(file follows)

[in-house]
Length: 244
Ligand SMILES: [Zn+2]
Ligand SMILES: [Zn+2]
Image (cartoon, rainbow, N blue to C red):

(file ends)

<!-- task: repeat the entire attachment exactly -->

[in-house]
Length: 244
Ligand SMILES: [Zn+2]
Ligand SMILES: [Zn+2]
Image (cartoon, rainbow, N blue to C red):